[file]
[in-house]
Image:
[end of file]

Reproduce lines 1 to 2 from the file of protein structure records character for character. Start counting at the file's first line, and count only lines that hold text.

[in-house]
Image: